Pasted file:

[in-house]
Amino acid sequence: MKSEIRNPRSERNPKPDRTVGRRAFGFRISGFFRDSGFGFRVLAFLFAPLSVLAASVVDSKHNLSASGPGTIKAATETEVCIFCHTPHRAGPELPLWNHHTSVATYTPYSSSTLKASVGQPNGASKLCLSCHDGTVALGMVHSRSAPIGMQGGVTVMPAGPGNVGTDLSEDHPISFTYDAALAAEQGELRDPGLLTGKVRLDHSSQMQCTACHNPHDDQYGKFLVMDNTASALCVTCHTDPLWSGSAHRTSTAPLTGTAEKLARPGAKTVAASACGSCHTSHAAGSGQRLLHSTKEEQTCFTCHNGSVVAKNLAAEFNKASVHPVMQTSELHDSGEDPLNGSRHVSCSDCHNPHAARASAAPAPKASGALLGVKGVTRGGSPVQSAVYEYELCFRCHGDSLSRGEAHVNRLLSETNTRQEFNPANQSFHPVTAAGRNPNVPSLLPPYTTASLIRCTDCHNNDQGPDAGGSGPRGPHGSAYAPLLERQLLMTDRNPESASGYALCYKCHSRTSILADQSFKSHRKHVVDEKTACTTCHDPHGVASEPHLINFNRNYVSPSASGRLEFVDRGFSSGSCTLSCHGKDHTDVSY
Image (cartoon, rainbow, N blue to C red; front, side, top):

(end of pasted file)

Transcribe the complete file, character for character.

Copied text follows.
[in-house]
Amino acid sequence: MKSEIRNPRSERNPKPDRTVGRRAFGFRISGFFRDSGFGFRVLAFLFAPLSVLAASVVDSKHNLSASGPGTIKAATETEVCIFCHTPHRAGPELPLWNHHTSVATYTPYSSSTLKASVGQPNGASKLCLSCHDGTVALGMVHSRSAPIGMQGGVTVMPAGPGNVGTDLSEDHPISFTYDAALAAEQGELRDPGLLTGKVRLDHSSQMQCTACHNPHDDQYGKFLVMDNTASALCVTCHTDPLWSGSAHRTSTAPLTGTAEKLARPGAKTVAASACGSCHTSHAAGSGQRLLHSTKEEQTCFTCHNGSVVAKNLAAEFNKASVHPVMQTSELHDSGEDPLNGSRHVSCSDCHNPHAARASAAPAPKASGALLGVKGVTRGGSPVQSAVYEYELCFRCHGDSLSRGEAHVNRLLSETNTRQEFNPANQSFHPVTAAGRNPNVPSLLPPYTTASLIRCTDCHNNDQGPDAGGSGPRGPHGSAYAPLLERQLLMTDRNPESASGYALCYKCHSRTSILADQSFKSHRKHVVDEKTACTTCHDPHGVASEPHLINFNRNYVSPSASGRLEFVDRGFSSGSCTLSCHGKDHTDVSY
Image (cartoon, rainbow, N blue to C red; front, side, top):